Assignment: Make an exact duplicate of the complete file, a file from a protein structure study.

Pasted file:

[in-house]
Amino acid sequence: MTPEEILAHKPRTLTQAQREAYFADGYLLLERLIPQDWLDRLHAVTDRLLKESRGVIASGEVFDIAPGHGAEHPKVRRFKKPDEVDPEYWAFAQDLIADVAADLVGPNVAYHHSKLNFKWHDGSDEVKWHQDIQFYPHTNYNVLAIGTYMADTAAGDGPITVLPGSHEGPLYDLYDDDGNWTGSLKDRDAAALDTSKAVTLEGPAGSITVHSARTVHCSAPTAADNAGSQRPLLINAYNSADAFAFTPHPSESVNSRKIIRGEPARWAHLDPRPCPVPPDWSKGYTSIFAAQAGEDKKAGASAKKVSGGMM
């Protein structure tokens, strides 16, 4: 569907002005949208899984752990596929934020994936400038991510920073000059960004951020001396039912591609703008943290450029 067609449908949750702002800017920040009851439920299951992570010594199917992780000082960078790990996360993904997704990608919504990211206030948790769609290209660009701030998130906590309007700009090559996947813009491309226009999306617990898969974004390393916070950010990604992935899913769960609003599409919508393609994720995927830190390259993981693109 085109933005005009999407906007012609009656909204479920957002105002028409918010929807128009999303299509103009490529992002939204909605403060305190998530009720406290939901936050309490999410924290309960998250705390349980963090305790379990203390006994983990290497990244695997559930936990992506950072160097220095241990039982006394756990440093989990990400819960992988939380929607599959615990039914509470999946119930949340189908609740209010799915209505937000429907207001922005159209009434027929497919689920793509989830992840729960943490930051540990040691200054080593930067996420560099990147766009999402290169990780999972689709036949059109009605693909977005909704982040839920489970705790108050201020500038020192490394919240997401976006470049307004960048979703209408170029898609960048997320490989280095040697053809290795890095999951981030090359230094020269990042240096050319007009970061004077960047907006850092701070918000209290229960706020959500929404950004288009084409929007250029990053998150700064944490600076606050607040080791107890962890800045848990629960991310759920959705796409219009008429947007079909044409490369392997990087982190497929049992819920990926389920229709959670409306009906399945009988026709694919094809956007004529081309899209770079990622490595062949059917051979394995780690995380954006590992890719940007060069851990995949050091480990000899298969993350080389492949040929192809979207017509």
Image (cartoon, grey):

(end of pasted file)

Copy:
[in-house]
Amino acid sequence: MTPEEILAHKPRTLTQAQREAYFADGYLLLERLIPQDWLDRLHAVTDRLLKESRGVIASGEVFDIAPGHGAEHPKVRRFKKPDEVDPEYWAFAQDLIADVAADLVGPNVAYHHSKLNFKWHDGSDEVKWHQDIQFYPHTNYNVLAIGTYMADTAAGDGPITVLPGSHEGPLYDLYDDDGNWTGSLKDRDAAALDTSKAVTLEGPAGSITVHSARTVHCSAPTAADNAGSQRPLLINAYNSADAFAFTPHPSESVNSRKIIRGEPARWAHLDPRPCPVPPDWSKGYTSIFAAQAGEDKKAGASAKKVSGGMM
């Protein structure tokens, strides 16, 4: 569907002005949208899984752990596929934020994936400038991510920073000059960004951020001396039912591609703008943290450029 067609449908949750702002800017920040009851439920299951992570010594199917992780000082960078790990996360993904997704990608919504990211206030948790769609290209660009701030998130906590309007700009090559996947813009491309226009999306617990898969974004390393916070950010990604992935899913769960609003599409919508393609994720995927830190390259993981693109 085109933005005009999407906007012609009656909204479920957002105002028409918010929807128009999303299509103009490529992002939204909605403060305190998530009720406290939901936050309490999410924290309960998250705390349980963090305790379990203390006994983990290497990244695997559930936990992506950072160097220095241990039982006394756990440093989990990400819960992988939380929607599959615990039914509470999946119930949340189908609740209010799915209505937000429907207001922005159209009434027929497919689920793509989830992840729960943490930051540990040691200054080593930067996420560099990147766009999402290169990780999972689709036949059109009605693909977005909704982040839920489970705790108050201020500038020192490394919240997401976006470049307004960048979703209408170029898609960048997320490989280095040697053809290795890095999951981030090359230094020269990042240096050319007009970061004077960047907006850092701070918000209290229960706020959500929404950004288009084409929007250029990053998150700064944490600076606050607040080791107890962890800045848990629960991310759920959705796409219009008429947007079909044409490369392997990087982190497929049992819920990926389920229709959670409306009906399945009988026709694919094809956007004529081309899209770079990622490595062949059917051979394995780690995380954006590992890719940007060069851990995949050091480990000899298969993350080389492949040929192809979207017509």
Image (cartoon, grey):